I'd recommend looking around at Core exercise techniques to work on the internal musculature that doesn't get hit by standard crunches or situps. You'll develop a much better overall ab strength than crunches can ever achieve alone.
     
  3. PhillJones

    PhillJones Second Unit

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    I thought that this was exactly what you should do and the very point of a crunch. I'm no expert obviously but I thought the action of the abdominus rectus (six pack) muscle was to bring the rib cage toward the spin be curling the back and that keeping it straight suring a sit up or curl cause the majority of the work to be done by the hip flexors and als cause hyperextension.

    Have I bee doing them wrong all these years.

    PS, i touch my fingertipe to my temples to avoid pulling myself up by the back of the head.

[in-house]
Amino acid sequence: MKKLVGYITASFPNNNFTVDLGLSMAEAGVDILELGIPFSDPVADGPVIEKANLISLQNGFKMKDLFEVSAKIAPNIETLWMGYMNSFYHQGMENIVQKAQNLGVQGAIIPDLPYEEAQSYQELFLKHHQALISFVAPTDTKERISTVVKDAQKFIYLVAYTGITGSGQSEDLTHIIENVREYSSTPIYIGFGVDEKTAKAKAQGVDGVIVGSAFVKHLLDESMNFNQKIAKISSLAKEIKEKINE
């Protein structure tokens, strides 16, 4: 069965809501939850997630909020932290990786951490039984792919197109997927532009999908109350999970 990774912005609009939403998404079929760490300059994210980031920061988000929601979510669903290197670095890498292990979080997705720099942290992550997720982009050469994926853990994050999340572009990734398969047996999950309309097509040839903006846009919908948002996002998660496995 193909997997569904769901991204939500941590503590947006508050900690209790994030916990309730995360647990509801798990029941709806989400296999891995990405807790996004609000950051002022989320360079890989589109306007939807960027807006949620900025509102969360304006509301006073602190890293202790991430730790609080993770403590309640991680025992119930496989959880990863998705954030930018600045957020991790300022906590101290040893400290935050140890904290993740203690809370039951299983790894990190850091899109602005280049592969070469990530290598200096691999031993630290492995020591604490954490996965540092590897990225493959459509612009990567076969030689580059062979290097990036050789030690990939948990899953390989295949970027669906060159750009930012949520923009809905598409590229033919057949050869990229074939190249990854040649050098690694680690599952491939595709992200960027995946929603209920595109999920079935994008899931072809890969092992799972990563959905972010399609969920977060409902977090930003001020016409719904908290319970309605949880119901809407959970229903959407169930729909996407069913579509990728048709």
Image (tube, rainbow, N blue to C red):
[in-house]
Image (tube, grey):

4. Cameron Yee

    Cameron Yee Executive Producer
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    I'm pretty sure I'm not pulling or putting pressure on my neck. The strain is not the same as when I've slept on it wrong (or the classic "crick in my neck" pain). It's more from just making the exertion (same flexing as when one screams) - maybe I just need to concentrate more on my form (or my neck is out of shape too???). Thanks for the tips though - do you have any favorite core exercises? The program I'm doing has several, but I hate it when the side crunches come up.
     
  5. Paul Padilla

    Paul Padilla Supporting Actor